We look at Lighting Design Collective’s award-winning scheme for the Omani Anantara Al Jabal Al Akhdar Resort
Winner of the hotel category of the 2017 Light Middle East Awards, Anantara is the highest luxury resort in the Middle East and among the highest in the world, perching on the curving rim of a great canyon 2000m above sea level. Long inaccessible, Al Jabal Al Akhdar (Arabic for the green mountain) is a towering massif on the Sultanate of Oman’s vast Saiq Plateau.
The resort has a total of 115 luxury rooms and villas, six restaurants and lounges, fitness centre, tennis court and spa, as well as ballroom and meeting facilities. The architecture, featuring fort-like doors carved from solid wood, gently curving archways and decorative latticework, is inspired by the layout of the local villages. Built using traditional techniques and local materials, the resort even references the al falaj water features, mirroring Oman’s typical system of irrigation channels.
The entrance to the hotel promises drama
The lighting scheme, typically in a hotel, had to deal with a wide range of different spaces with varying functions while retaining a consistent flavour throughout. What is striking about the scheme is the extensive use made of shadowing and patterning, echoing both the architectural vernacular and a climatic context where the fierce sun creates dramatic contrasts and shadows.
‘The concept sought to create a sense of drama and beauty heightened by the play of light and shade, the texture of the natural materials, accentuated vegetation, and hierarchy of focal points,’ says founder/director of Lighting Design Collective Tapio Rosenius. ‘It draws from the forms, volumes, the play of natural light, use of local materials, and decorative details of traditional Omani architecture and interiors.
The courtyard sits at the heart of the hotel
‘The decision to emphasise a particular lighting language is purely contextual to me,’ he adds. ‘While the vernacular or the cultural traditions always form part of the contextual study the deeper drivers such as memory creation or sense of drama were the key reasons to go for a very textured lighting here.’
Reflections are cast on to specular surfaces, pendants throw intricate lattice patterns onto the walls, floor-standing lanterns draw precise symmetrical patterns across the floor, creating a shadow carpet. While such effects might appear random they are carefully orchestrated, each space considered in relation to the next.
A chandelier of golden globes hang through a restaurant into floors below
‘The lighting design sought to create magical moments, talking points and strong memories for the guests – light was to become a memory creator,’ says Rosenius. ‘The visitors’ experience was studied in sequences in order to arouse distinctive emotions inspired by the night-time views, the architecture and the landscape. Journey mapping and place-making techniques were deployed to draft a unique conceptual approach to the lighting. One of the key challenges was to curate the guest journey in relation to time. How the artificial light reinterprets the spaces as the evening progresses.
‘Occasional focal points such as the wooden geodesic dome, spanning more than 10m in diameter, had an integrated lighting detail that changed after sunset to create a different feel, for instance. The evening-time light experience continues in the spa, featuring the falaj inspired canals reflecting rippling light across the surfaces.’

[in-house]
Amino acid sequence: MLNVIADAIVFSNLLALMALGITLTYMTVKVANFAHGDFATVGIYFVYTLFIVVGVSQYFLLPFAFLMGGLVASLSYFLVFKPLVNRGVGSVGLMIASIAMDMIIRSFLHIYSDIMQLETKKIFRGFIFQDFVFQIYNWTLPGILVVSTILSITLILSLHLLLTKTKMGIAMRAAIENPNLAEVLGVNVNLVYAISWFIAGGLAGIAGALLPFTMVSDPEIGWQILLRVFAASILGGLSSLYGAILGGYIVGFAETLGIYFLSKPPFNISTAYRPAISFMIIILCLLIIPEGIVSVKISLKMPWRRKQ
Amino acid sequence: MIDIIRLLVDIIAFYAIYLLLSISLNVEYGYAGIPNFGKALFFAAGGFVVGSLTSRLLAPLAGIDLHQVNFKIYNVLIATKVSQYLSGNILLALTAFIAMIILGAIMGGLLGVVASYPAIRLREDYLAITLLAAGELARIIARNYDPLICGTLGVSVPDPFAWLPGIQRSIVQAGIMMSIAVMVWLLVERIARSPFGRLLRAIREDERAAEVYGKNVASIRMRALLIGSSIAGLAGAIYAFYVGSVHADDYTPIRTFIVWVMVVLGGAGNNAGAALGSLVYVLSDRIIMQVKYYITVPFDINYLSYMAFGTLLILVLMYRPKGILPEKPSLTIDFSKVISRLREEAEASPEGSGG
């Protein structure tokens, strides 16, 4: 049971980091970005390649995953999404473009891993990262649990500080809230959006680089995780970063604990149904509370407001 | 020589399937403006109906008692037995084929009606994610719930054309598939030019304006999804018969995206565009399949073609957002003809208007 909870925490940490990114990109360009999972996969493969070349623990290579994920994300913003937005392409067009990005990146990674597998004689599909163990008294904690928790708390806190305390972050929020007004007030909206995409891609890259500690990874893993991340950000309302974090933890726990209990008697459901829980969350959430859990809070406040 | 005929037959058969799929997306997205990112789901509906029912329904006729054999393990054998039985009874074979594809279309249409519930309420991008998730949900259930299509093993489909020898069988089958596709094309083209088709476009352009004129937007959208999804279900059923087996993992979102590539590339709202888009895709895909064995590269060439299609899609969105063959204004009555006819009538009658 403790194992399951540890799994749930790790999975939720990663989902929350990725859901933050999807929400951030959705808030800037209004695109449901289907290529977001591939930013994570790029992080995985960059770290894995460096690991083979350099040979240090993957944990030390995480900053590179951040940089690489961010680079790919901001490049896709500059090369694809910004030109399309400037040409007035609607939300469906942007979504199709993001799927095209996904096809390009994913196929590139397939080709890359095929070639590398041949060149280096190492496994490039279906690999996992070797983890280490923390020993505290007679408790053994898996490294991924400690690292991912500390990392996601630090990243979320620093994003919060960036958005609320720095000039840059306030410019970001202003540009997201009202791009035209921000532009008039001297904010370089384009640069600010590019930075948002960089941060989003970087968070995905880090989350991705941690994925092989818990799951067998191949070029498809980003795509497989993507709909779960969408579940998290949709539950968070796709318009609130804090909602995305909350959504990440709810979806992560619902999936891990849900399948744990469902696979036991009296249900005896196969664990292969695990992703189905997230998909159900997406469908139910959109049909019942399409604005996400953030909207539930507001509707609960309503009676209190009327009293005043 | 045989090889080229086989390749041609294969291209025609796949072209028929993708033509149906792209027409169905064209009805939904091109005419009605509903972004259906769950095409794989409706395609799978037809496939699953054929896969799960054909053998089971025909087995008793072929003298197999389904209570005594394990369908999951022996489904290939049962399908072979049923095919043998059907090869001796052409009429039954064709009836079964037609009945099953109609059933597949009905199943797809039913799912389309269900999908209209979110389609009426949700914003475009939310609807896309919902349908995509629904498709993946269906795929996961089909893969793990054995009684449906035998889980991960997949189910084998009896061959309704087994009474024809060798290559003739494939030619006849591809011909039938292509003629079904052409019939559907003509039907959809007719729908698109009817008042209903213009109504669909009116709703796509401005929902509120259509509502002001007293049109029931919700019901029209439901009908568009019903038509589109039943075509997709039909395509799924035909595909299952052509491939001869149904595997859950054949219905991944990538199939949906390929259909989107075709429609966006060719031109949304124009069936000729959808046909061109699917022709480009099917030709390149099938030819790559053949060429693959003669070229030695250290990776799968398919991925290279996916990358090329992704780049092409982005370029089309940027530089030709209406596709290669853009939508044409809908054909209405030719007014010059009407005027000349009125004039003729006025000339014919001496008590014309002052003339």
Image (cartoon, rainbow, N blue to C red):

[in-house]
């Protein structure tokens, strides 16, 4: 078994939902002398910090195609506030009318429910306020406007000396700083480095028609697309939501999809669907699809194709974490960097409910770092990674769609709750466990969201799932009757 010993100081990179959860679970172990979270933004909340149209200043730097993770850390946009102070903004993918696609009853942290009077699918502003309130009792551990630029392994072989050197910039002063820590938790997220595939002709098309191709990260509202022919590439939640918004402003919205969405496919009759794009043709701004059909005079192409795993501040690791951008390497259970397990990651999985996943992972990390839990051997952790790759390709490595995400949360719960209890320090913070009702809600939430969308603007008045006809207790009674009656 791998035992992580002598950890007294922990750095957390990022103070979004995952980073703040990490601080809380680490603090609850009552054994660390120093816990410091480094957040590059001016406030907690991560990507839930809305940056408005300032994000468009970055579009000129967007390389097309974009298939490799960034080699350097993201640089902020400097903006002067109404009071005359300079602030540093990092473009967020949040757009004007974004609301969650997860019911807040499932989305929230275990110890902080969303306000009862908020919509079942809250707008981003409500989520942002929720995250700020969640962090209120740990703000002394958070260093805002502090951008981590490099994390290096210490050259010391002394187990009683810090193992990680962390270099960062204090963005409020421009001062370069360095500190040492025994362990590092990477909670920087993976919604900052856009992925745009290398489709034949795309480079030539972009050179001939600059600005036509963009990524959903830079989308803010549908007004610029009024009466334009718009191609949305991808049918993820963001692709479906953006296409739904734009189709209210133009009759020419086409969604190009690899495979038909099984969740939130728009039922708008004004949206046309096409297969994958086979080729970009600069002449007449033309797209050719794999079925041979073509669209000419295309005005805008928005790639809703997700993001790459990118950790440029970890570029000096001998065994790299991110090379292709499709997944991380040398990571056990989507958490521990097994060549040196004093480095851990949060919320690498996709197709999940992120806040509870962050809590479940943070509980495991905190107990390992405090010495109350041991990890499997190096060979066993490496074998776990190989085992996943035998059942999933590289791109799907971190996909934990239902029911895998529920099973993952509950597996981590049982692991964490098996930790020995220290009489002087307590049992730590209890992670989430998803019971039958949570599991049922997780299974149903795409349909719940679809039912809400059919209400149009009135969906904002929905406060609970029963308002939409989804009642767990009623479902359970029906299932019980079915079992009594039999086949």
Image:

Views inside the hotel’s spa
The courtyard is the heart of the resort, where the warmth from the lanterns contrasts with the falaj water-feature lighting. The patio brings together a souk, coffee shop and library, all lit with contemporary integrated LED lighting details, as well as pathways leading to the main restaurant and banquet facilities. Conversion filters were fitted to the LED lanterns to create a particular tonality. All 800 lanterns for the resort were custom designs created by LDC.
‘The level of detailing, integration, compositions with tonality and overall creation of ambience is unique in this project,’ says Rosenius. ‘From concept development to guest-journey mapping and contextual studies, this scheme goes beyond lighting. Technically the driver was to create a true visual balance, a contrast strong enough to feel mysterious but with softness suitable for high-end hospitality. Balance. Something very difficult to achieve.’
Views inside the hotel’s spa
The real skill lies in the apparent randomness and serendipity of the lighting, which is an elusive and mercurial element at the best of times. The choreography is clever because the result could easily have been visual confusion and chaos. ‘I love the unpredictability and we often “design” for it,’ says Rosenius. ‘The layering of lights and a good level of control gives enough flexibility on-site to perfect the composition. A lot of the work that goes into achieving the right visual balance takes place on-site rather on a drawing table. In this project, we also built both VR and actual mock-ups for the filigree patterns and tried them out with the client first.’
Rosenius believes that there is a massive potential for using light and shadow in a much more creative way, especially as developing technology is opening up more options. ‘There are a lot of interesting new possibilities for using light as a pattern creator for interiors and exteriors,’ he says. ‘We are part of the effort to create new technologies for this purpose and have just started working on an EU Horizon 2020 research project called DecoChrom. The idea is to develop printed electrochromics [EC] as an ultra low-power interactive graphics solution for ambient intelligence. This applies directly to light and pattern creation, and the fact that it’s all dynamic and interactive makes it even more exciting for designers.’